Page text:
- Associated Press - Thursday, March 16, 2017

AUGUSTA, Maine (AP) - Maine lawmakers have a day full of hearings on gun legislation including a bill to prohibit the creation of a firearms registry.

The Legislature’s Criminal Justice and Public Safety Committee is scheduled to begin considering 11 bills Friday sponsored by Republicans and Democrats. The bills address concealed carry, gun sales and the presence of guns at voting places and hospitals.

“We don’t generally have to register with the government in order to practice our rights,” said Republican Rep. Patrick Corey.

His bill would prevent state entities from keeping a list, or registry, of privately owned firearms and their owners, with exceptions for firearms used in and people convicted of violent life-threatening crimes.

Corey said his bill is based on a law in Rhode Island, one of at least eight states that prohibit gun registries. Federal law prohibits the use of a national background check system to create a firearm registry.

After the Friday hearings, committees will schedule work sessions where they may issue recommendations to the Legislature.

The National Rifle Association has reported spending only about $1,700 so far this year on lobbying in Maine. Last year, voters rejected a ballot referendum requiring background checks for private gun sales and transfers.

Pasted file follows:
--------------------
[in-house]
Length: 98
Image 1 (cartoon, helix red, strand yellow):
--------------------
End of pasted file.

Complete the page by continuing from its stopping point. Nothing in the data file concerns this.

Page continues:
Lawmakers are offering tweaks to a 2015 law, allowing adults over 21 to carry concealed handguns without a permit.

Republican Sen. Eric Brakey wants to lower that age to 18.

Two other bills would repeal laws requiring people carrying a concealed handgun to inform a law enforcement officer during detainment or routine traffic stop.



Republican Sen. Paul Davis wants to make it a crime to discharge a firearm within 300 feet of a state-owned boat launching ramp. His other bill would allow municipally funded hospitals to restrict firearms on their property.

Dangerous weapons wouldn’t be allowed in voting places or municipal public meetings, under Democratic Rep. John Spear’s bill. The measure would exclude the handguns of on-duty law enforcement officers.



Democrats are sponsoring bills to require firearms safety training for gun purchasers and gun locks with every firearm that a dealer sells at retail.

Under Republican Rep. Lance Harvell’s bill, a firearms dealer who “sells, lets or loans a firearm” would no longer be required to show a copy of a federally required document to a law enforcement officer or prosecutor.

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